Experience the magic of the Aurora Borealis in Rovaniemi.
Witness the Northern Lights in Rovaniemi from August until April
Also known as Aurora Borealis, the Northern Lights are visible on around 150 nights a year in Finnish Lapland. In Rovaniemi, the spellbinding astral show can be witnessed in and around the city from mid-August until early April.
How can I see the Northern Lights in Rovaniemi?
Catching the magical phenomenon requires clear and dark skies and a viewing spot not affected by light pollution, like street lights and neon signs. In Rovaniemi, you don’t have to walk far from the city centre to find a good spot, and really strong Auroras can be seen even with interference from artificial light.
Please note: there is no sure-fire way of predicting when the Auroras will appear, only approximate predictions.
Where can I see the Northern Lights in Rovaniemi?
There are quite a few good places for viewing the Auroras near the city centre. The Arctic Garden behind the Arktikum museum is a popular spot a 10-minute walk away, and the top of Ounasvaara fell is another good choice a 45-minute walk away. Any location with no light pollution and an unrestricted view of the northern sky works – the darker, the better.
When is a good time to see the Auroras? Get notified!
The Northern Lights commonly appear between 10 PM and 2 AM, but can at times be seen as soon as 7 PM. A show might last from only a couple of minutes to several hours.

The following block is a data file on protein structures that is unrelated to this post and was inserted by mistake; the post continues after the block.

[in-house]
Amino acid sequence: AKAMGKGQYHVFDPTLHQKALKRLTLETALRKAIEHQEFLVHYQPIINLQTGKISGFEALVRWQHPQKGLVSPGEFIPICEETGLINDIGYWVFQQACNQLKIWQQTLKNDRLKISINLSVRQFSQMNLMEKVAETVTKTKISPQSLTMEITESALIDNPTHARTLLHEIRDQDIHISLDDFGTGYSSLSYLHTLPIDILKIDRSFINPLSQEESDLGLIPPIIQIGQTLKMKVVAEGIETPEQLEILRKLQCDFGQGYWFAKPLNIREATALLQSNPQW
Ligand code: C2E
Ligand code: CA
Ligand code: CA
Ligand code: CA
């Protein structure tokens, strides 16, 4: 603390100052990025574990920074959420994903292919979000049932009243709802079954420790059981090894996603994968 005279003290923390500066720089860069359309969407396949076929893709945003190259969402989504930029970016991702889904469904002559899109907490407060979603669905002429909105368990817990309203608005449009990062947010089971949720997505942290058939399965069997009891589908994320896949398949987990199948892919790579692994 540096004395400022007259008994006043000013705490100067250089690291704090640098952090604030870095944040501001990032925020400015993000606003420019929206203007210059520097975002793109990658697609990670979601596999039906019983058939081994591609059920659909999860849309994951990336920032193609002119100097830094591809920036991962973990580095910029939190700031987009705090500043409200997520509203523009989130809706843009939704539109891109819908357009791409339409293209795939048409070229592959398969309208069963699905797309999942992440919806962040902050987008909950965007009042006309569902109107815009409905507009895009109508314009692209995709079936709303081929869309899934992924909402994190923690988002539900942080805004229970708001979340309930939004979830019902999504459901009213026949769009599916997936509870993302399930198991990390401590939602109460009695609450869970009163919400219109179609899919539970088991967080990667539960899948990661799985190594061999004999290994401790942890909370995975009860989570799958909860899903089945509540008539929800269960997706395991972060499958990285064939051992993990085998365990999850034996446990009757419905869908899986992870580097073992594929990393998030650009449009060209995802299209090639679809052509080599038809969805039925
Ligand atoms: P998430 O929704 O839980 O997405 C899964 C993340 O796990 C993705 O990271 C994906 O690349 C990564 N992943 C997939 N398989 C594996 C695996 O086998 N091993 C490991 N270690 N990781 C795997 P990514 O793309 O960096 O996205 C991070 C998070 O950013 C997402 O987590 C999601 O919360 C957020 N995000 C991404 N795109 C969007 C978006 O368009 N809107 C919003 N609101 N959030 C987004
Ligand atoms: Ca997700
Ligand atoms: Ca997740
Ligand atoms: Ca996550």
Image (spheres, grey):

To skip waiting outside in the cold for the Auroras to appear, we’ve got the perfect solution for you in the form of an instant notification service that works in the Rovaniemi area: Aurora Alert Realtime lets you know as soon as the Auroras are visible.
Take a guided tour for in-depth information
For a more thorough Aurora experience, we warmly recommend joining one of the numerous Northern Lights tours in Rovaniemi. Aurora hunts are available on snowmobiles, husky sleds, snowshoes, and in reindeer sleighs, just to name a few ways to experience the dancing arcs in the sky.
Expert guides maximize your chances of seeing the Auroras by taking you to special viewing spots while explaining the science and myths behind the phenomenon.
Aurora legend: "fox fire"
According to Sámi folklore, the Auroras are caused by a fox running over the fells of Lapland, whipping up snow with its tail and sending sparks up the northern sky. The sparks form a colourful arc of fire that lights up the dark landscape. The Finnish name for the Northern Lights, “revontulet”, meaning “fox fire”, derives from this myth.
In scientific terms, the Northern Lights are caused by electrically charged particles from the sun colliding with each other upon entering the earth’s atmosphere, which results in emissions of various colours of light. Green is by far the most common, but red, pink, violet, yellow and even blue can be seen at times.
An expert's tip
Rovaniemi local Alexander Kuznetsov is a Northern Lights hunter and photographer who spends his winter nights outside, watching the skies and shooting material for his company, All About Lapland.
– The top of Ounasvaara fell is one of my favourite spots for capturing the Auroras. Head a couple of hundred meters east of the Sky Hotel to the Tottorakka lift station, where you might even bump into me and my cameras, he says.